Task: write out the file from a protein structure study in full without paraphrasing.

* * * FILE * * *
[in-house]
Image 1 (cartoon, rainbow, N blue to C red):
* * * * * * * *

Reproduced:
[in-house]
Image 1 (cartoon, rainbow, N blue to C red):